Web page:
They're at it again red-baiting Bernie Sanders. Because the senator from Vermont has (like President Obama) recognized the educational achievements of the Cuban Revolution, he's being attacked as an apologist for brutal dictatorships everywhere. The syndrome played out in yesterday's episode of "The View," and last night in the South Carolina debate.
It's all so tiresome so 20th century, so chauvinistic.
It also contradicts my own personal experience of Cuba over many years of visiting the island, where Fidel Castro remains as revered as George Washington here in the United States. By most on the island, he's considered the father of his country. (I remember a U.S. embassy official in Cuba lamenting to my students that if free and fair presidential elections were held there, Castro would win "hands down.")
However, more recently still, such demonization of Cuba and Fidel Castro flies in the face of an experience my daughter and her husband had of the Cuban healthcare system just two weeks ago. I want to share that story with you. It sheds light not only on Cuba and Castro, but on Medicare for All.
But before I get to it, consider the attacks on Mr. Sanders.
According to the simple-minded received wisdom here in the U.S., no one is allowed to tell the truth about a designated enemy. You simply can't say anything good about any government that refuses obedience to U.S. empire. And that's true even if, like Cuba, the said government provides enviable education and childcare, or if health services are free there for everyone.
Meanwhile, to say anything bad about a "friend" -- apartheid Israel for example -- is absolutely forbidden. As an international outlaw, Israel can transgress UN resolutions against its illegal occupation of Palestinian territories. It can even kill with abandon peaceful protestors including Palestinian children, the elderly and disabled. However, to criticize it for doing so -- to propose boycotting, divesting, or sanctioning Israel's internationally proscribed occupation of Palestinian territories -- is not only unacceptable but actually forbidden by law.
(In case you haven't noticed: no debate participant has or will ever accuse anyone on stage of supporting a "brutal dictatorship" in Israel or in Saudi Arabia, Egypt, Brazil, Honduras, Hungary, Turkey . . .)
I mean, instead of thinking critically or just recognizing undeniable facts, U.S. citizens and candidates for public office are virtually commanded to see and describe the world in terms of good/bad, black/white, friends/enemies, vendors/customers. To make even unsubtle distinctions in those regards is beyond the pale. In terms of electability, it's the kiss of death.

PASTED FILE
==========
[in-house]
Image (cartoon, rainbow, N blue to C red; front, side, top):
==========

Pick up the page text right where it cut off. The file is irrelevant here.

To put it kindly, such thinking is not only simple-minded; it is childish. It's insulting. It dumbs us all down and makes us stupid pawns of publicists and propagandists supporting reflexive U.S. ideology.
As a result of such stupidity, Bernie Sanders had to limit his "defense" of Fidel Castro to acknowledging the virtues of teaching people to read and write. He could easily have added points about free education through university level and praise for Cuba's medical system that provides healthcare for everyone on the island including visitors from other countries. However, to do so would have opened him to attacks alleging that his free college tuition and Medicare for All programs will inevitably lead to the Cubanization of America.
Not even Bernie Sanders has that much courage.
Healthcare in Cuba: A Recent Experience
And that brings me to the personal story I promised earlier. Just two weeks ago, it involved my daughter, Maggie, and her husband, Kerry as they led a weekend excursion to Cuba.
The junket was the payoff of a fund-raising project for our local Montessori school in Wilton, CT which our daughter's five children have attended. At an auction held for its benefit, Maggie and Kerry had "sold" the trip to several parental teams. That was last fall.